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Setting up a virtual machine in Microsoft Azure is a lot easier than you might think. Ed Bott shares his experience and walks you through the process.
I just set up two new servers. From start to finish, the process took a mere 30 minutes, and I never had to plug in a network cable, create installation media, enter a product key, or figure out where to get a public IP address.
I also didn't have to find a power outlet, because both of these servers, along with a Windows 10 desktop I deployed at the same time, are running in the Microsoft Azure cloud.
Although I've had an Azure account for a few years now, I haven't used it for much except building an occasional website. So it was quite a surprise when I revisited Azure recently and discovered how easy (and inexpensive) it's become to build an Azure VM.
If you're curious, you can sign up for an Azure account and get $200 of free, no-strings-attached credit to kick the virtual tires for the first month. That's a worldwide offer, by the way, good in 140 countries.
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Spoiler alert: It's actually pretty hard to spend that much credit in just one month. A dashboard like the one shown in Figure A lets you track how much credit you've used, in real-time.
With that credit, you can have the Azure Resource Manager build a virtual machine using one of a seemingly endless number of templates. Most Windows Server editions are available in Azure as ready-made virtual machines. (See Figure B for a small sample of the available images.)
The two I built today used Windows Server 2016 Core with Containers, Technical Preview 4, and Windows Server Essentials running on Windows Server 2012 R2. It literally took 90 seconds to enter the required information for each one--username and password for your admin account, a name for the VM, and another name for the resource group that includes storage, networking, and computer resources.
The final step is choosing a machine size. As in the physical world, the more memory and computing power you throw into a machine, the more it costs. The price estimates shown in Figure C assume that a machine is running at a constant workload. I could have chosen a configuration from the Basic Tier but instead built a virtual server using the D1_V2 Standard configuration shown here, with SSD storage and a Xeon. It's been up and running 24/7 but mostly idle, and I've spent only pennies a day on it.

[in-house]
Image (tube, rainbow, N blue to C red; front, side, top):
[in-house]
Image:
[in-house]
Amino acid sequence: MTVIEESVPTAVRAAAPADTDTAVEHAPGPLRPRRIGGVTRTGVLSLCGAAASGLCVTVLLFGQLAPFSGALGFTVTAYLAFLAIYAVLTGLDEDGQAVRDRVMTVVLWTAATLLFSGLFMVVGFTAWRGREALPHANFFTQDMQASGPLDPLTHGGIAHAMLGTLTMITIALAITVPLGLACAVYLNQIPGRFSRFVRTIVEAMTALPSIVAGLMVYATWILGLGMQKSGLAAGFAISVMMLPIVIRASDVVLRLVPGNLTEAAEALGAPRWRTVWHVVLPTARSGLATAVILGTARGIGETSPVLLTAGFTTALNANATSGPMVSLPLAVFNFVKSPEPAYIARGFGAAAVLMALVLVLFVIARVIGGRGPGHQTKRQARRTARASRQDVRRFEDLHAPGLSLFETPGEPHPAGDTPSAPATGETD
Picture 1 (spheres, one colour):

All those server VMs include the licensing cost of the server software, which can be significant if you look at what you'd pay for, say, the latest release of Windows Server Datacenter Edition. You can also run non-Windows operating systems, including many flavors of Linux, as well as machines running Oracle database software, Cloudera Enterprise Data Hub (a commercial distribution of Hadoop), and every imaginable variation of Visual Studio.
If you have an MSDN subscription, you have options not available to pay-as-you-go customers. In particular, you can run Windows 10 Enterprise (or Windows 8.1 Enterprise) in a preconfigured VM. If you don't have an MSDN subscription, you'll need to bring your own license and build the VM yourself.
From within the Azure Portal, you can manage a VM you've created by using its Settings panel, as shown in Figure D.
The buttons at the top of that panel allow you to start or stop a VM. After you've burned through your first month of free credit, you'll probably want to get in the habit of shutting down test workloads you're not actively using. It might be only a few cents per hour, but those pennies add up.
And for connecting to a Windows-based VM, all you need is the Remote Desktop client (available on every edition of Windows, as well as OS X and mobile devices). Clicking Connect From Settings downloads an RDP file that you can double-click to make a connection.
All in all, the experience of running a Windows VM on Azure is pretty painless. In my next column, I'll look at some subscription options that include surprisingly generous Azure monthly credits.